When I started photography, I wanted to do as much work ‘in-camera’ as I possibly could. I new there would be extensive work to do in photoshop later on anyway, and as I don’t particularly enjoy working in photoshop I wanted to minimise that workload down the track. This thinking applied to the coloration of the scene, but also with the effects. Some would argue it would be easier to just do it all in photoshop, but I enjoy problem-solving and coming up with imaginative solutions using more primitive methods.

There are many instances where I used optical illusion to bring characters together. As I mentioned, the Sea Thingy was not to scale with Minnie or Smeck, so where possible, when they appear in the same shot together I would place the Sea Thingy in the foreground, and the characters in the extreme background. Looking at a Television screen which I had linked up to the camera, I would carefully line up the characters, often using a whiteboard marker to make reference lines. To keep everything in focus I set the aperture to f/32 and the exposure to 30 seconds. This made the depth of field very shallow so Minnie appears to be sitting on the Sea Thingy’s shell.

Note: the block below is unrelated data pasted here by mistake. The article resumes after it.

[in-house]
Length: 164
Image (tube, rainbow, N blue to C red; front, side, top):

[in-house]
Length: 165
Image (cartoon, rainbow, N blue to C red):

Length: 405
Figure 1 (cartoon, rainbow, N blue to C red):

To create fog in this same scene I made what I called my “fog stick”, which was a small length of dowling with hobby fill wrapped roughly around it. Taking advantage of the 30 second exposure I would poke the fog stick in and out of the shot in the background. It helped create convincing fog. I did the same trick with this night time scene...

There are many other pages where I used these same cheap tricks. To create an aurora borealis effect I used just a green-tinted light, and my arms, moving in such a way that it looked like I was doing a 30 second piece of performance art.